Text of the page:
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wind power cargo ship sails vela trimaran
A 100% wind energy cargo ship will ferry goods between Europe and the US, without the carbon baggage.

Clean Power

100% Wind Energy To Propel A Cargo Ship That Looks Like A Racing Yacht

A new cargo ship will use 100% wind energy to ferry goods between Europe and the US, without the carbon baggage.

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Leading players in the global shipping industry have been trying all sorts of new technologies to cut their carbon footprints, and meanwhile an old one has been staring them in the face all along. That would be wind power, of course. Propelling one of today’s massive, full-sized cargo vessel on sail power alone is a non-starter, but the French shipping startup VELA has come up with a 100% wind-driven business model that could attract niche customers that want to transport the all finer things in life, without all the carbon baggage.

Wind Energy Makes A Comeback, With Pallets

VELA started up in 2021 with the idea of transferring the principles of high performance sailboat racing to the cargo shipping world, and the company did not let the grass grow under its feet. By June 13 of this year VELAA was ready to introduce its new design, a sleek looking trimaran.

Wind energy is not the only big difference between VELA and other shipping firms. The choice of a trimaran configuration right there is a daring plunge. As the name suggests, trimarans are three-hulled boats, a sharp departure from the single hull that has defined cargo ships for hundreds of years. VELA points out that the three-hull configuration provides more stability for both cargo and crew.

Another key difference is the absence of shipping containers. The VELA trimaran can carry 51 of the equivalent of standard TEU containers, but without the containers. Instead, the goods are loaded on pallets. Fully loaded, the trimaran can carry up to 450 standard US pallets.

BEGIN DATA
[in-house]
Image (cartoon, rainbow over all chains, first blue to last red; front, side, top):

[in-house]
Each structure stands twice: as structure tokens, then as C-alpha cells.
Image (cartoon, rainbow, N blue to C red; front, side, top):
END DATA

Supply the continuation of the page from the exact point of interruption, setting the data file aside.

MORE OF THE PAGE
“Containers have been ruling goods transportation over the last 50 years.This choice was made for economic reasons but with a high environmental impact, just like air freight,” VELA explains, adding that “the weight of the containers (3 tons each) accounts for more than 20% of what is being transported on a conventional container ship vs. 2% for equivalent pallets (25kg each).”

“Using pallets enables the  transport of goods alone, without useless extra weight. Each pallet represents a reduction of 200kg in weight and the corresponding CO2 emissions,” VELA emphasizes. They also note that the pallets are a space-saver.

To ice the green cake, the trimaran is designed to be dismantled into components that can be re-used or repurposed.

Savings Beyond Wind Energy

According to VELA’s analysis, relying exclusively on wind energy for propulsion results in impressive cut of 99% reduction in greenhouse gas emissions for the trimaran, compared to conventional container ships. If you’re wondering where the other 1% went, that’s a good question. Almost all sailboats of any particular size need an auxiliary power source for life support systems, navigation and other equipment, and emergency response, as well as maneuvering around harbors.

The trimaran will use on-board solar power and a battery for some non-sailing energy. CleanTechnica is reaching out to VELA for more details on that. In the meantime, VELA points out that its trimaran can visit smaller ports, potentially bringing the goods closer to a client’s factory, warehouse, or other destination. That would help cut down on truck or rail transportation and further reduce the carbon footprint of the trip overall.

UPDATE: From VELA — Concerning on-board energy (galley, hold, etc.). First and foremost, the holds of VELA vessels will be insulated to reduce energy requirements to a minimum. Residual needs are covered as far as possible by renewable energies. The shape of the vessel offers a significant advantage in terms of renewable energy production. The generous upper deck surface offers the opportunity to install several hundred m2 of photovoltaic panels. In addition, our ships will also be equipped with hydro-generators, which generate electricity using the current created by the ship’s forward motion under sail. In this way, almost 50% of onboard energy needs are covered by renewable sources. The remainder is expected to be powered by diesel-electric drives.